The Pharmacist from Whoville

WHO’s your pharmacist? (Not where is your pharmacy…)

The questions are always the same.

  1. Name?
  2. Date of birth?
  3. Which pharmacy do you use?

When people discuss other aspects of the healthcare universe it sounds like the phone book from a Dr. Seuss story: Who’s your endocrinologist? Who’s your cardiologist? Who is handling the procedure? Who are you seeing for rehab?

Can we pharmacists get a who?

Truth be told, it’s our own fault nobody gives a who. At the very least we haven’t helped ourselves very much. For a long time now we have been content to earn our salaries and be relegated to being highly educated vending machines. We have allowed the most accessible and in many instances more engaged touch point of the healthcare process to become commoditized. I know… there are a lot of us who have been actively trying to keep that from happening. Regardless, that is where perception has gone. And we all know perception is reality.

So how do we change that reality?  How do we get our who back? I think the answer is threefold:

  1. Patient Outreach
  2. Provider Status
  3. Collaboration

“A patient needs to know you care so they can TRUST in your care.”

First … Plain and simple know your patients. I’ve seen a lot of “know your pharmacist”. Yes! But it’s not a one way street. We have to (literally) practice what we preach. We have to know our patients. When someone walks in and you do not know his or her name …ASK! Introduce yourself. Pick your head up and smile. A patient needs to know you care so they can TRUST in your care. Why would he or she want to sit and review medications if they feel you are only doing it because you are required to? Bedside manner is taught in med school. If we’re going to take the mantle of “doctor,” why should be exempt from this? Patients are suffering just the same when they get their medication filled as when they’re in a physician’s office, correct? I stress we are most accessible community healthcare provider. Showing compassion and concern for your patients is the only way to uphold the value and the respect of the profession. That’s the whole customer to patient issue. If we want perception to change in regard to us, we need to change our perception in regard to them. Ask yourself, what do you say more often, “that customer always comes in ,” or “that patient is a regular visitor”?

“Outcomes = Value = Reimbursement = Sustainability”

Second … Provider status is upon us. Do you have your NPI number? Get it. Next decide where you want to practice. Are you going to use your provider status to simply bill what you have to get by?  Had an interesting call today with Creative Pharmacistrethink MTM was the subject of the call. David Pope discussed difference between “push” and “pull” claims. Are you satisfied only looking at recommendations given to you from Mirixa and Outcomes to potentially keep your contracts with the big insurance guys or are you genuinely concerned for your patients health? Hopefully it’s the latter. In that case during a CMR you should be able to address problems the patient is having and guess what…you can create your own claim and get PAID for it. Outcomes = Value = Reimbursement = Sustainability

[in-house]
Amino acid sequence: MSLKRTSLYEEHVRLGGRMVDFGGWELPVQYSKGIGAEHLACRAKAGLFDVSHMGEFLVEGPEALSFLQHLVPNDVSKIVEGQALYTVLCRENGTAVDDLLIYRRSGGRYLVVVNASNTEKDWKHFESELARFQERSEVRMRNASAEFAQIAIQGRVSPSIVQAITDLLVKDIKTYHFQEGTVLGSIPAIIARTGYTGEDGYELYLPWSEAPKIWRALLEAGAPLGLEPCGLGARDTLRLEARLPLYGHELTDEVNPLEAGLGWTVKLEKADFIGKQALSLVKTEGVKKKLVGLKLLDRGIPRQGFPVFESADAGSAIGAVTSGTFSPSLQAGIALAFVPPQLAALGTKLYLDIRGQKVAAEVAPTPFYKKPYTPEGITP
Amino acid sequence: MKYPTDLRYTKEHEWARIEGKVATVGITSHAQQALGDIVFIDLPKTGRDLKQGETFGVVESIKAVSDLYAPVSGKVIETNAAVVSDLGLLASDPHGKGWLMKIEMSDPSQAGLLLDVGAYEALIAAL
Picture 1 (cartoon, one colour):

Finally… We will not get to this point on our own. We can’t. It’s not beneficial for anyone. Healthcare is a team effort. We must start the dialogue. Consider this “how” to get to the “who.”

  • Call or email the local clinic and set up and appointment with the physician or nurse practitioner or even the office manager. Start the conversation. I have heard from many colleagues that prescribers aren’t accepting recommendations or even welcoming it. Maybe it’s because they have no idea what we are doing. Face to face is most effective with CMRs. The same theory is true for collaborative practice.
  • Work on the rapport with your nursing staffs. They will in turn lean on you for advice and even start referring people to your pharmacy. You will notice a difference in your phone calls to these offices.
  • I propose this with hospitals as well. Proven results come from a pharmacist reconciling medications in the emergency room. That needs to continue to transitions of care. When they leave the hospital the question that should be answered is “who’s your pharmacist?”

“Be a guide, an educator, a respected healthcare provider.”

These are simple steps to getting the profession heading in the right direction.  Who’s your pharmacist? Take charge of your patients. Take care of them. Take responsibility. Be a guide, an educator, a respected healthcare provider. We say that’s what we want. Lets do it. If not let’s continue to count, put labels on bottles, sit on our stools, and complain about how cost of generics are increasing and reimbursements are decreasing. Yes it’s important. Yes I want to continue to be proud to say I’m a pharmacist. And most importantly, I want my patients to be proud I’m their pharmacist. I’m their who!

And what happens next? In Whoville they say, the hearts of the pharmacists grew three sizes that day! Why? Pharmacy, we said, isn’t just in a store. Pharmacy means a little bit more.

One comment

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